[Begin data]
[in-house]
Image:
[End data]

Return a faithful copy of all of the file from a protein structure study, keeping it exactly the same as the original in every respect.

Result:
[in-house]
Image: